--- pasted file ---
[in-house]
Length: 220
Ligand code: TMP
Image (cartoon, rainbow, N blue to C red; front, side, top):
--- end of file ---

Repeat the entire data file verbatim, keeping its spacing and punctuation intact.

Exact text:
[in-house]
Length: 220
Ligand code: TMP
Image (cartoon, rainbow, N blue to C red; front, side, top):